Since July 2019, we use borg to backup most of our servers. Before that, we used custom scripts running on the server "cleve". On this page, the setup is described, and you will find information on how to add a new server to the backup process, and restore data if necessary.
The principle is simple: Each servers cares for its own backups, and can only access its own backups. Every night, a cron job triggers a wrapper script (borg-wrapper) which runs borg to make a backup to a remote storage. The server identifies on the remote storage with an SSH key. With this key, the server can only modify its own backups.
A log file for each backup cron run is sent to the FSFE admin+backup@ address. It contains the --stats --verbose output of the borg create and prune commands, as well as the output of any pre- or post-backup commands, by default a list of all current borg archives.
We automatically run regular snapshots of the complete remote storage which cannot be modified by the individual servers. We also use a sub-account to restrict access to other directories on the remote storage. This way, we have some safety if the server is compromised.
Add new server
If you created a new server, please configure its backup immediately! In order to do so, clone the git repo fsfe-backup (access restricted to System Hackers). It contains an Ansible playbook which takes care of the following steps:
- install borg and a SMTP server
- generate SSH key and store it on the remote storage
- create a borg backup repository on the remote storage
- setup wrapper script and cronjob on server
To add the new server, add the server's FQDN (e.g. server.fsfe.org) to the file inventory in the client section.
Afterwards, run ansible-vault create host_vars/server.fsfe.org to create the configuration for the new server. In the new file, insert the new password used to encrypt backups:
--- borgbackup_passphrase: aLongAndSecurePassword
Note that the password for these encrypted files is stored in vaultpw.pgp, a GPG encrypted file which only a few people have access to. Please only add new passwords (and servers) if you can open this file. In the new file, you can also overwrite default variables.
Now you can run the playbook: ansible-playbook -i inventory/hosts -l "<host_or_group_name>" backup.yml where <host_or_group_name> is either the name of a host (e.g. mail1.fsfe.org) or of a group (mail). See our unified inventory repo for more information. Note that if you run this for multiple servers at once, please add -f 1 as a parameter. Otherwise, rewriting the authorized_keys file on the remote storage might cause issues if accessed by multiple processes at once.
If everything went fine, please commit and push your changes to Git!
Run scripts before backup
It may be useful to run commands right before the backup, e.g. to dump databases.
By default, the wrapper script runs /root/bin/backup.sh before the backup. Add your commands in this script file and make it executable. For example, it could look like this:
echo "Dump Postgres databases" sudo -u fsfe -- sh -c "cd / ; pg_dump > /home/fsfe/postgres_dump.sql"
The output will be mailed with the borg logs to the specified email address.
To avoid that you have to type in the remote storage's password for some operations, add your SSH key to the authorized_keys file. Please note that they have to be in RFC4716 format, see this page.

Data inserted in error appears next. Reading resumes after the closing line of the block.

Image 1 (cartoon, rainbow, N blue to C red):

The playbook configures the cron job to send an email. In order to test whether your server actually sends emails correctly, run ls | sendmail firstname.lastname@example.org. If nothing arrives in your mail account (also check spam!), please debug.
Restore from backup
In order to restore content of a specific borg archive, you can mount it using the wrapper script:
Create a mountpoint: mkdir /mnt/borg
Find the archive you would like to mount: borg-wrapper list
Mount the archive to the local mountpoint: borg-wrapper mount 20190716-1255 /mnt/borg
Now, you can search and copy the desired data. Afterwards, please unmount the mointpoint with umount /mnt/borg.
Extraction of a complete archive is not supported by the wrapper script as of today. But by inspecting its content in /usr/local/bin/borg-wrapper, it should be fairly easy to build the command for this.
To remove all files generated by the Ansible playbook, e.g. in order to disable backups of a client, follow these steps:
On the client, remove the files /etc/cron.d/borg-backup, /root/.borg.passphrase, /root/.ssh/id_borg_rsa*, and /usr/local/bin/borg-wrapper
On the client, clear the modified file /root/.ssh/config from the part added by the playbook. If that's the only content of the file, you can remove it entirely.
On the remote storage, remove the client's SSH key from the .ssh/authorized_keys file. Please note to take the correct file, from the main account's root directory it is /BorgBackup/.ssh/authorized_keys.
On the remote storage, delete the client's directory if you want to remove all backups as well. From the main account's root directory it is /BorgBackup/servers/server.fsfe.org. However, it is recommended to not delete the old backups of the server was used in production in case someone needs some information after the deletion.
Mail from cron job not sent
This can happen both with exim4 and postfix:
exim4: In the log files you could see R=nonlocal: Mailing to remote domains not supported. To solve it, either configure exim to support remote domains (dc_eximconfig_configtype='internet') or use a relay server for those, or install nullmailer instead if exim4 is not used for anything else. This program is much lighter and works by default.
postfix: The log files show <email@example.com>: Sender address rejected: Domain not found which is a sign that the receiving (or relaying) mail server blocked the email because the host's domain is invalid. You can solve this by manually setting the domain postfix shall use: mydomain = fsfeurope.org (or fsfe.org, depending on the FQDN of the server).